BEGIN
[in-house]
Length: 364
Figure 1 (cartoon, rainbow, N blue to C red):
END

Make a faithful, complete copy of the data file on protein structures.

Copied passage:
[in-house]
Length: 364
Figure 1 (cartoon, rainbow, N blue to C red):